There were only four in my metro area and two of them were Walmarts. I talked to Walmart and they said I had to pay 100% upfront, they would bill for me, and then I might get reimbursed by Medicare up to a year later. That didn't sound at all like a contractual provider.
So I talked to one of the two left and they told me they billed Medicare for me and I only had to pay my co-pay (20%) plus anything extra that Medicare doesn't cover.
Medicare covers basic frames up to $75. Any frame costing more than that, you must pay the extra at 100%. Medicare covers bifocals but NOT "no lines" or progressives. I have worn progressives for the past 12 years so there's no way I was going to try to adapt to a bifocal line. Besides, bifocals would be a problem for me. They would give me close up focus for reading and distance focus for driving. But would not correct my vision enough to have my computer screen in focus. I needed trifocals or progressives.
There was a very limited number of frames under $75 (they tried to sell me titanium frames that cost $250) but I finally found a pair that had nose pieces and no metal touching my face just under $75. My doctor ordered UV protection which Medicare covers at 80%. So overall, I paid 20% for frames, 20% for UV protection, and 20% of the cost of bifocal lenses plus 100% of the difference between the cost of Progressives and bifocals.
Very, very confusing. How do elderly on Medicare understand this stuff? So overall, my new glasses cost me $132 out of pocket. My new ones I bought out-of-pocket last year cost me $289.
Cataract surgery costs: My co-pay under Medicare was $298 per eye, $25 for anesthesia per surgery, $85 for initial eye exam, and $25 for final refraction.
My eye surgeon said that after cataract surgery, I need to have my eyes checked annually from now on (Medicare doesn't cover eye check-ups). And as presbyopia progresses, I'll probably need new glasses every 1-2 years which MEDICARE will never cover.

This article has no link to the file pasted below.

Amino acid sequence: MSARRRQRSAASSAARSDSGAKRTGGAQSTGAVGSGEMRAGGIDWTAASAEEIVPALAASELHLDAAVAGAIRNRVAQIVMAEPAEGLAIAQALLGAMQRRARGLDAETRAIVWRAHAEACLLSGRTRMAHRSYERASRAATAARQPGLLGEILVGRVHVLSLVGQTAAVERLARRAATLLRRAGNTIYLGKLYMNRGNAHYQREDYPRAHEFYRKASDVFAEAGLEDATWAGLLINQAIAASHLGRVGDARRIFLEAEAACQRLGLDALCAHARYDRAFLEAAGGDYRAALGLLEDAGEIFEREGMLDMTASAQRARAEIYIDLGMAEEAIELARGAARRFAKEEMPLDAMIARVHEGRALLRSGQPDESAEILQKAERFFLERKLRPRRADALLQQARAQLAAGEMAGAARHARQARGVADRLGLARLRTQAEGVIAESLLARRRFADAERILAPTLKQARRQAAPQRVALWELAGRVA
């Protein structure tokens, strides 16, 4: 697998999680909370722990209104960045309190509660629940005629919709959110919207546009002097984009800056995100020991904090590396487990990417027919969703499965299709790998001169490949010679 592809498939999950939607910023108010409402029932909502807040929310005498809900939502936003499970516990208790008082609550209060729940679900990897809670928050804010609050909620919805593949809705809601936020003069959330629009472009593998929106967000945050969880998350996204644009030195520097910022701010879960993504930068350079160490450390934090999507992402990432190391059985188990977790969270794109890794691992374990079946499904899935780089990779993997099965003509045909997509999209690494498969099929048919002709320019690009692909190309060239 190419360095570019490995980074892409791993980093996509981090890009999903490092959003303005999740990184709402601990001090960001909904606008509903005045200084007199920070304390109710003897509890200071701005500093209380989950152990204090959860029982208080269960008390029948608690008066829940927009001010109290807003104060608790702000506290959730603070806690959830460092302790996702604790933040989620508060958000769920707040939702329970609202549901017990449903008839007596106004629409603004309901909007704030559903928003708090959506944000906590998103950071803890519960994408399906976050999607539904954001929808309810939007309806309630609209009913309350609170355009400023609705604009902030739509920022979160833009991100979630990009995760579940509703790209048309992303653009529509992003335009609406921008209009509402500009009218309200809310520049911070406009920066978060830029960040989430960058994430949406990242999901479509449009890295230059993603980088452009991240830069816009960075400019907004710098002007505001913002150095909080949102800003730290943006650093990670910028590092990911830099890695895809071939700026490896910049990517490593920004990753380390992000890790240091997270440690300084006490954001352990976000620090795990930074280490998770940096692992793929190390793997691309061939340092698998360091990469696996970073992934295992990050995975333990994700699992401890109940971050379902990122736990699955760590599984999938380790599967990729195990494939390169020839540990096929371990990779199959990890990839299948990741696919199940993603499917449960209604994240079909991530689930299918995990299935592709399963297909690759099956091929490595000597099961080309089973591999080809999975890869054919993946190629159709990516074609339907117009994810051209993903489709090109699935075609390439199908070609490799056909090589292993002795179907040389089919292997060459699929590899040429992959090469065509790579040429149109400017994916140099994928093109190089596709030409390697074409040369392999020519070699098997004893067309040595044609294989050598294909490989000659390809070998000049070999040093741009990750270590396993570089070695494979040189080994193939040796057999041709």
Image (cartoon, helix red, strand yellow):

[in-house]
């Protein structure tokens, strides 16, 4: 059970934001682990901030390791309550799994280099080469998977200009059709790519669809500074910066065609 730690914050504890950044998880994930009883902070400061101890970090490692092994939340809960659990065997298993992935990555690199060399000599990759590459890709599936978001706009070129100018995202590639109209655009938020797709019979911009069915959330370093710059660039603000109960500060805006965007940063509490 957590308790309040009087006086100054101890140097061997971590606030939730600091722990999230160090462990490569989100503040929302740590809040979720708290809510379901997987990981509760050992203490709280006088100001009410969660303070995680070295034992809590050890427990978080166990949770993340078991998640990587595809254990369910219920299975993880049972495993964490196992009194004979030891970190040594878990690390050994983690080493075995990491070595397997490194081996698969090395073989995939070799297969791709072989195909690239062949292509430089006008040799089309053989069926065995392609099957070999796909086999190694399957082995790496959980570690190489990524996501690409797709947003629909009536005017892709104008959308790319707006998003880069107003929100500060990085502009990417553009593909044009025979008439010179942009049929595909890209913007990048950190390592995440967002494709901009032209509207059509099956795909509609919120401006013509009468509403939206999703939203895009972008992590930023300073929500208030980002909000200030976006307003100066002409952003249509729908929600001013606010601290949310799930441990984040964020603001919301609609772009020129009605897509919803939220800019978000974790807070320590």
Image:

I seriously wonder why Medicare doesn't cover dental work, hearing aids, and glasses. All of these are necessary to keep an elderly person as socially involved in their world as possible. If they buy cheap, poor-fitting dentures, then they won't wear them and refuse to eat in public (or need a baby food diet). Without a hearing aid, they can't participate in face-to-face conversation or talk to family/friends on the phone. And without glasses with proper correction, they can't see where they are driving those expensive scooters that Medicare buys for them. Lack of social contact is the number one cause of mental decline in the elderly. But our country doesn't WANT people to live long lives. The sooner they die, the less it costs the next generation.
Medicare (and health insurance) is NOT preventive medicine. Yes, they have added a few essentials like mammograms, pap smears, prostate test, bone density testing. But that's it. They don't cover an annual exam, routine blood tests, etc. You have to have a chronic ongoing medical problem that the doctor can bill for to have Medicare cover it. Medicare essentially covers illness and disease.
|Machine: S9 VPAP S BiLevel Machine|
|Mask: Hans Rudolph 7600 Series V2 Full Face CPAP Mask with Headgear|
|Humidifier: S9™ Series H5i™ Heated Humidifier with Climate Control|
|Additional Comments: Pressure Setting 20/16; Pregnancy pillow to keep me sleeping on side; Pad-A-Cheek mask liner|